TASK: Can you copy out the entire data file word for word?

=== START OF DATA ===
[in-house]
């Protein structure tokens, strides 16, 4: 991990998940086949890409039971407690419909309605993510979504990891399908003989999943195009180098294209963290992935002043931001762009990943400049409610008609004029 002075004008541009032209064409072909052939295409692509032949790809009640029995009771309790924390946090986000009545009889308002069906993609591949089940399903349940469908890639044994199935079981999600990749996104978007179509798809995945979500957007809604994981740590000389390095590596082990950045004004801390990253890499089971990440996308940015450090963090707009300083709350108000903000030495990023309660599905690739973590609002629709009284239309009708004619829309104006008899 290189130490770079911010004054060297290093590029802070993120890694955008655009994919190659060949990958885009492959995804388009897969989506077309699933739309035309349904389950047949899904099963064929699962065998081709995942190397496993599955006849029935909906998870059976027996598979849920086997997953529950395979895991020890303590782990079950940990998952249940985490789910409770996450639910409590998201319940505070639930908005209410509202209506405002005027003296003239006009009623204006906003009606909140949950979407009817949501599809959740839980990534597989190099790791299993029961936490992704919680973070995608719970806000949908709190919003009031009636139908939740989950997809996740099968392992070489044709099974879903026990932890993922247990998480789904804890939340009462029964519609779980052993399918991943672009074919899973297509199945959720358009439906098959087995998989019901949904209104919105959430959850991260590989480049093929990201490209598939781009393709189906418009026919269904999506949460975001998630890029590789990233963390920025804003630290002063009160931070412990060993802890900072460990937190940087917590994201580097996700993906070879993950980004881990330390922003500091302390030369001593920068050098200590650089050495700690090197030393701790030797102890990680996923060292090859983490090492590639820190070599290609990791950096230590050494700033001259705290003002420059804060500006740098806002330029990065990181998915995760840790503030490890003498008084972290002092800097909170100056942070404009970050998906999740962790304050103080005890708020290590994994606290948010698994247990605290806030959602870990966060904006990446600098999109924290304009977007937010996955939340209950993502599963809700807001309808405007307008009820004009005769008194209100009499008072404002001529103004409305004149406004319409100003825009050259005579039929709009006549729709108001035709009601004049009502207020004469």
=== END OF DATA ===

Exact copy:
[in-house]
């Protein structure tokens, strides 16, 4: 991990998940086949890409039971407690419909309605993510979504990891399908003989999943195009180098294209963290992935002043931001762009990943400049409610008609004029 002075004008541009032209064409072909052939295409692509032949790809009640029995009771309790924390946090986000009545009889308002069906993609591949089940399903349940469908890639044994199935079981999600990749996104978007179509798809995945979500957007809604994981740590000389390095590596082990950045004004801390990253890499089971990440996308940015450090963090707009300083709350108000903000030495990023309660599905690739973590609002629709009284239309009708004619829309104006008899 290189130490770079911010004054060297290093590029802070993120890694955008655009994919190659060949990958885009492959995804388009897969989506077309699933739309035309349904389950047949899904099963064929699962065998081709995942190397496993599955006849029935909906998870059976027996598979849920086997997953529950395979895991020890303590782990079950940990998952249940985490789910409770996450639910409590998201319940505070639930908005209410509202209506405002005027003296003239006009009623204006906003009606909140949950979407009817949501599809959740839980990534597989190099790791299993029961936490992704919680973070995608719970806000949908709190919003009031009636139908939740989950997809996740099968392992070489044709099974879903026990932890993922247990998480789904804890939340009462029964519609779980052993399918991943672009074919899973297509199945959720358009439906098959087995998989019901949904209104919105959430959850991260590989480049093929990201490209598939781009393709189906418009026919269904999506949460975001998630890029590789990233963390920025804003630290002063009160931070412990060993802890900072460990937190940087917590994201580097996700993906070879993950980004881990330390922003500091302390030369001593920068050098200590650089050495700690090197030393701790030797102890990680996923060292090859983490090492590639820190070599290609990791950096230590050494700033001259705290003002420059804060500006740098806002330029990065990181998915995760840790503030490890003498008084972290002092800097909170100056942070404009970050998906999740962790304050103080005890708020290590994994606290948010698994247990605290806030959602870990966060904006990446600098999109924290304009977007937010996955939340209950993502599963809700807001309808405007307008009820004009005769008194209100009499008072404002001529103004409305004149406004319409100003825009050259005579039929709009006549729709108001035709009601004049009502207020004469």